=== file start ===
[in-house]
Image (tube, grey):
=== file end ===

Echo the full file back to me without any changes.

[in-house]
Image (tube, grey):